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2-5. Abortion

The termination of a pregnancy before the fetus is capable of living, thriving, and growing (viable) is the definition of abortion. Loss of the fetus up to the 24th week of gestation is medically termed abortion, more commonly called miscarriage. Delivery of the fetus after the 24th week but before the full-term of the pregnancy is called premature birth. An abortion can occur spontaneously or be induced. Look at these types of spontaneous abortion.

Threatened Abortion.

Signs and symptoms. Included are the following:

  • Slight bleeding during pregnancy.
  • Pain resembling menstrual cramps.
  • Sometimes softening and dilation of the cervix.

Treatment. The primary treatment is bed rest. If the patient continues to experience these signs and symptoms, the pregnancy may progress to complete abortion.

Inevitable Abortion. An inevitable abortion is a spontaneous abortion that cannot be prevented. The most common cause is an abnormally developed embryo or fetus. Other causes are physical trauma or emotional shock to the pregnant female.

Signs and symptoms. Included are the following:

  • Vaginal bleeding.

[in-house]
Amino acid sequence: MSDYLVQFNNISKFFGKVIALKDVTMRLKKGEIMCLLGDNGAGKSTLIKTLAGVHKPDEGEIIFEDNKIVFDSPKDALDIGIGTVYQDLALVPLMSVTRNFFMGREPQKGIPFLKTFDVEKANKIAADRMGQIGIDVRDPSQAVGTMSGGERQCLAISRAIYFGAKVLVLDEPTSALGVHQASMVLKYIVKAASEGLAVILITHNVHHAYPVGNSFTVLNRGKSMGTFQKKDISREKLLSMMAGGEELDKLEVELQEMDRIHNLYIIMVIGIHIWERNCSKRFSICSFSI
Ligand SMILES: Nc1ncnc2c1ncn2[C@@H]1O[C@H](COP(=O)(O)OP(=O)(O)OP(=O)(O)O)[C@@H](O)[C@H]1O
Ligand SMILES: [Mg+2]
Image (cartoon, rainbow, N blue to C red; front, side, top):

• Sometimes massive uterine contractions and cervical dilation.

Treatment. Treat as follows:

  • Start an IV with normal saline or Ringer's lactate solution.
  • Give fluids as rapidly as necessary to maintain the patient's blood pressure while she is being transported to a medical treatment facility.

Incomplete Abortion. In this case, some of the products of pregnancy are expelled while other parts are retained.

Signs and symptoms. Included are the following:

  • Hemorrhage (bleeding, especially profuse).
  • Persisting cervical dilation.

Treatment. Treat as follows:

  • Treat for shock, if necessary.
  • Transport the patient to a medical treatment facility. A physician will remove any partially protruding products of a pregnancy.

David L. Heiserman, Editor

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Revised: June 06, 2015